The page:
Tuesday, September 2, 2014


David Wain, the writer-director behind Role Models and Wanderlust, could’ve made a great romantic comedy. Instead, with They Came Together, he decided to kick a good genre while it’s down. He’s lucky it’s pretty funny, or at least funny enough. The movie, which he wrote with frequent collaborator Michael Showalter, hunts down and obliterates every rom-com convention it can find, turning unspoken genre mechanics into literal lines of dialogue. Cliché perched on the precipice of preposterous is tipped over, embracing the ridiculous in a breezy parodic style. We may not have had a great rom-com in many years, but this mercilessly satiric one is intent on purposely resuscitating each and every musty old convention, turning them inside out, and finding the inherent absurdities within.

In theory, it’s a funny idea. And so it is, at least some of the time. For all the conceptual cleverness, it plays too often like a movie that’s mad you might like You’ve Got Mail. At least the parody film is a genre as moribund as the rom-com, so it comes across as good-natured ribbing from a similarly impoverished cultural place. Does They Came Together single-handedly revive two imperiled genres? Not quite. But it’s a great start that Wain’s film is the kind of sneakily appealing cerebral/stupid comedy that had me smiling even when I was not quite sure if it was working. It’s appealing, with loopily silly concepts and charm for days.

It helps that the leads are Amy Poehler and Paul Rudd, two of the most delightful people in TV and movies today. With winning smiles and easygoing casual rapport, it’s always pleasant to spend time watching them interact. They could pull off a real rom-com, even a terrible one, on charm alone. So here, as they play a cutesy entrepreneur and a sneakily softhearted corporate drone, they break past the deliberately bland anonymity of their clichéd characters. Even though the movie is a relentless send-up of twee Hollywood True Love falsehoods, stretching those conventions to absurdity and beyond, I still found myself wanting to see them get together in the end. Go figure.

As they go through all the predictable Meet Cute bickering, falling-in-love montages, dramatic misunderstandings, tearful breakups, and last-minute chases to reconciliation, they speak the subtext in flatly stupid dialogue. But they deliver it as if it’s sparkling repartee. When Rudd plays a hilariously phony basketball game with his diverse group of friends, the advice they offer him makes clear they’re stand-ins for thematic points. One buddy says, “Marriage is great! That’s the point I represent.” Poehler’s presented as the typical klutz, prone to falling down flights of stairs, and a flighty romantic, eagerly flying into a montage of trying on clothes that lasts so long Rudd leaves the scene. Later, a makeout session is so exaggeratedly passionate they walk around the room, lips locked, knocking over everything in their path.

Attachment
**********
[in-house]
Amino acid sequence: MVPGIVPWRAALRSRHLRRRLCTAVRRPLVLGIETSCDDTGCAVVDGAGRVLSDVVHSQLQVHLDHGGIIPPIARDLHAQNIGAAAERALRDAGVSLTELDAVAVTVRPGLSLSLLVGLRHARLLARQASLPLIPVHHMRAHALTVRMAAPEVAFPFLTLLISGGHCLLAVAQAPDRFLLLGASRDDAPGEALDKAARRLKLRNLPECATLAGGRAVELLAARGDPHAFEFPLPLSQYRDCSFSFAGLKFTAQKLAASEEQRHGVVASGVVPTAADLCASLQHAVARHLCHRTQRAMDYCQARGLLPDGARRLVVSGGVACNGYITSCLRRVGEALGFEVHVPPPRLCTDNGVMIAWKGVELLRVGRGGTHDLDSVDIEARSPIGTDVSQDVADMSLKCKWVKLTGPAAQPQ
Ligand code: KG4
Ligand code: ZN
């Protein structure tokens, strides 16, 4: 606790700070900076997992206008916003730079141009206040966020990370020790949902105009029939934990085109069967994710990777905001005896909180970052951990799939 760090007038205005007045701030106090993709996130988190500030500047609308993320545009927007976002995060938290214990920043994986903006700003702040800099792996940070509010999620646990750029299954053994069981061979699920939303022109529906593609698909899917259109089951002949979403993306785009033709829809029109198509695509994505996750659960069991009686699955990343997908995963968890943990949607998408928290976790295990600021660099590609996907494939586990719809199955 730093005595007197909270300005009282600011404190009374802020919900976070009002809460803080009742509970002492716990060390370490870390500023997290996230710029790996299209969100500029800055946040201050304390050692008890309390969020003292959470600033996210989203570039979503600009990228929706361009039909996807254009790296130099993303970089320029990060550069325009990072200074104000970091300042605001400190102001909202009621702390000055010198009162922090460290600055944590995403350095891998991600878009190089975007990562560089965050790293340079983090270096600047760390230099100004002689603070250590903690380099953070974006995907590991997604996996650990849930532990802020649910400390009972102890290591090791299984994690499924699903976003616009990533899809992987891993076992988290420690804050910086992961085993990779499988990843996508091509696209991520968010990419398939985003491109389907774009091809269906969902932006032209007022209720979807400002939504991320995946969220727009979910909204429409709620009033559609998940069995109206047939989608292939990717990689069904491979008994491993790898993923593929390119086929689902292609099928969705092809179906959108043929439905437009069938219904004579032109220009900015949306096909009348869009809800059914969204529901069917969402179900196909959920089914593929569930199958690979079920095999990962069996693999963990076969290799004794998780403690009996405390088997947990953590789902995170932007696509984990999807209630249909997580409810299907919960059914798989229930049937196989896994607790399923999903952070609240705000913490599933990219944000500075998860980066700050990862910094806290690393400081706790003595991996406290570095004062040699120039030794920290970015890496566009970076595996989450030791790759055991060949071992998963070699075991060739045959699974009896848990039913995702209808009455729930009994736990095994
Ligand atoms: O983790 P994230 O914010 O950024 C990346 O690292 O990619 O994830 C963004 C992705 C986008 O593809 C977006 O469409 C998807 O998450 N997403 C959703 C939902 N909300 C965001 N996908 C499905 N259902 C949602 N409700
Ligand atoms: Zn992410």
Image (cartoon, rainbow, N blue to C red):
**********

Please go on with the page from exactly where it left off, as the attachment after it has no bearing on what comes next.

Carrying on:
Square clichés are played so very straight, even as they’re knocked askew. The couple bonds over the blandest of generalizations. They’re shocked by the fact they both enjoy “fiction books” and have grandmas. As if those are rare loves in the average person’s life. Friends and family (in a huge ensemble that includes Ellie Kemper, Bill Hader, Christopher Meloni, Ed Helms, Max Greenfield, Melanie Lynskey, and more) only exist as reflections of the leads’ needs and fears. So far, so typical, but it’s imbued with an off-kilter energy that builds up the artificiality of the genre’s worst tendencies.

That’s why weirdness, slowly taking over entire sequences, creeps in around the edges: a framing device in which a dinner party is essentially held hostage by the couple relaying their self-centered story to a pair of friends; a bit of horseplay that ends in a man falling out a window; a moment in which a pompous boss poops his Halloween costume and desperately tries to hide the evidence; a scene that finds Poehler and Rudd angrily storming away from each other in the same direction, following each other for blocks. Wain takes simple, obvious scenes and stretches them so far past the breaking point it’d be hard not to admire the effort. Look at the endless loop of a conversation Rudd has with a bartender as it starts simple, grows stupid, and then continues, repeating itself until it's one of the funniest scenes of the year.

They Came Together invites likable strangeness under its umbrella of tropes, and then plays it relatively safe. On the one hand, there’s a great eagerness to how knowing the movie is, gently elbowing the audience in the ribs, saying, “see what we did there?” On the other hand, who isn’t aware of the standard rom-com structure and pitfalls, especially of the 20-year-old Ryan/Hanks variety from which this script takes its most obvious cues? That’s beside the point. This isn’t an expose of cliché. It starts off mocking the subgenre, but the bite fades into affection. That’s just fine. The leads are too likable and the formula so sturdily deployed, even as it’s undercut, to be a critique of the rom-com. It’s to 90’s romances what Wain’s cult comedy Wet Hot American Summer was to 80’s summer camp movies. That is to say, Wain is awfully good at creating sly and goofy spoof revivals of types of movies no one is making anymore.

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